Evaluation of Water Melon Peels as Economic Adsorbents for Removal of High Levels of Iron
from Different Water Sources
Hassouna MEM1*, Marzouk MA2, Elbably MA3 and El Maghrabi AH1
1Department of Chemistry, Beni-Suef University, Egypt
2Department of Botany & Microbiology, Beni-Suef University, Egypt
3Department of Hygiene, Management & Zoonoses, Beni-Suef University, Egypt
Submission: November 19, 2018; Published: March 08, 2019
*Corresponding author: Hassouna MEM, Department of Chemistry, Faculty of Science, Beni-Suef University, Egypt
How to cite this article: Hassouna MEM, Marzouk MA, Elbably MA, El Maghrabi AH. Evaluation of Water Melon Peels as Economic Adsorbents for
Removal of High Levels of Iron from Different Water Sources. Int J Environ Sci Nat Res. 2019; 17(4): 555970. DOI:10.19080/IJESNR.2019.17.555970
Optimum conditions for the adsorption of iron onto crude and modified (with lactic acid and tri sodium citrate) water melons peels (WMP) from aqueous solution are investigated as inexpensive and eco-friendly available adsorbents. Water samples are gathered from different sources (surface, tap and ground). The three WMP forms are characterized by FT-IR and SEM. Adsorption variables such as: adsorbent dose, stirring time and pH have been optimized. The removal efficiency of the unmodified WMP reaches its maximum uptake in the pH range 4-6, the other modified WMP powders in the range 5-7. The removal process is slow in the first 10min. then it is gradually increased till equilibrium after 20min in case of unmodified WMP, the two modified forms reach equilibrium after 15min. Kinetic studies indicated that adsorption follows the Langmuir and Freundlich adsorption isotherms. Desorption processes assured the possibility to regenerate and reuse the adsorbents..
Keywords: Heavy metals; Fe; Water melon peels; Economic sorbent; Water sources; Adsorption
Heavy metals have become a question of global concern considering their hard consequences which requires ongoing evaluation and revision of water resource policy at all standard international levels down to individual aquifers and wells [1,2]. Their main sources include wastewater discharged from health facilities , other industries, metal plating and alloy manufacturing [4,5]. The technological advancement in electronic industry is posing a new environmental challenge in the form of electronic waste, the electronic devices after their disposal into the soil are not processed properly which result in the accumulation of the toxic metals in the soil . Heavy metals present in the wastewater are persistent and non-degradable in nature . Presence of these metals in waste stream and ground water is one of the most environmental concerns since these metal ions are toxic to various life forms especially if their concentration is more than the accepted limit [8,9]. For the elimination of dissolved heavy metal ions, literature  is full of techniques that have been performed such as solvent extraction, ion exchange, membrane process, electro dialysis, precipitation, phytoextraction, ultra-filtration, reverse osmosis and adsorption. These methods, generally, are of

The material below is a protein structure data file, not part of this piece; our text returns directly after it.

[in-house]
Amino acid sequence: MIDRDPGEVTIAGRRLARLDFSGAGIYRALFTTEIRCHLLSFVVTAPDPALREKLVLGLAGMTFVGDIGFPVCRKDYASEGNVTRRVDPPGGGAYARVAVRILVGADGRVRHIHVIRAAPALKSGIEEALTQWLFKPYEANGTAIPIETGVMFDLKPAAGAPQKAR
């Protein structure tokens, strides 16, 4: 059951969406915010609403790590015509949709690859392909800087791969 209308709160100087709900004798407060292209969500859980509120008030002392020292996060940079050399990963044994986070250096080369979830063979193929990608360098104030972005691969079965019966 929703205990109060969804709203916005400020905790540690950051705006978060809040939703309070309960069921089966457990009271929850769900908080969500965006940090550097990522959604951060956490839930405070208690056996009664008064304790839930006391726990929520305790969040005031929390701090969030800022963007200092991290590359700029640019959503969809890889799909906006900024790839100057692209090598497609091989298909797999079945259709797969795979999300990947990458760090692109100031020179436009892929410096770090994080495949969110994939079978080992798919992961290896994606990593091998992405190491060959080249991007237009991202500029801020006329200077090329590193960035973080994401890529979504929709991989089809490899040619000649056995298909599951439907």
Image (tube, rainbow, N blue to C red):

high cost with troubles such as incomplete metal removal, high reagent consumption, energy requirements and generation of toxic sludge or other waste products that need further disposal or treatment . Iron is commonly found in rocks and soil. Under suitable conditions, iron will leach into water resources. Iron concentration greater than 0.3mg/L causes water staining that negatively affects plumbing fixtures dishware and clothes and produce a yellow to reddish color in water appearance. These levels may also change the taste and odor of drinking water. This led many investigators to search for inexpensive substitutes such as zeolites, silica gel, chitosan, clay materials and agricultural wastes [12,13]. The adsorption technique remains the more favorable method because of its high capacity and low cost. During the past few years, several research articles were published reporting the successful use of different kinds of agricultural wastes for the removal of metal ions from aqueous solutions [14-17]. Such as Acacia leucocephala bark powder , Moringa oleifera bark (MOB) , cork waste biomass [20,21] rice straw , sugarcane bagasse waste [23,24], garden grass (GG) , castor leaf powder , green bean husk (GBH) , ficus carcia leaves , Avenafatua biomass . Fruit peels have been extensively used [30-34] for the same purpose including banana (Musa paradisiaca), lemon (Citrus
limonum) and orange (Citrus sinensis) peels . The present
study has been carried out to investigate the possibility of the use
of peels of water melons (Citrullus vulgaris) (WMP) powder as an
effective and efficient agricultural solid waste byproduct for the
removal of iron ions from aqueous solutions.
a) Standard Iron (II) solution (1000 ppm) Fe (II) stock solution
was prepared by dissolving 0.7016g of ammonium ferrous
sulphate (NH4)2SO4. FeSO4.6H2O, (Aldrich, USA) in DDW containing
5mL conc. H2SO4 and accurately dilute to volume in
100mL volumetric flask.
b) 1, 10 Phenanthroline (0.2%) Phenanthroline hydrochloride
or hydrate (phen), in 100mL volumetric flask 0.2gm
of phenanthroline are dissolved in doubly distilled water
(DDW) and diluted to the mark with 0.1M HCl.
c) Tri sodium citrate (10 %) solution in 100mL volumetric flask,
10g of tri sodium citrate are dissolved in doubly distilled water
(DDW) and dilute to the mark.
d) Hydroxylamine hydrochloride (10 %): 10g of hydroxylamine-
HCl are dissolved in DDW and diluted to 100mL.
Water melon peels (WMP) are collected from the agricultural
Egyptian fields. The white part of peels is cut, washed, air dried
and then are finely powdered in a mixer till being near the nano
size. The final product is applied as the crude peels powder for
the removal of iron from water samples according to the proposed